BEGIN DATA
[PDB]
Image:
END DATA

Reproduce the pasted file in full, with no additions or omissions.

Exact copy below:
[PDB]
Image: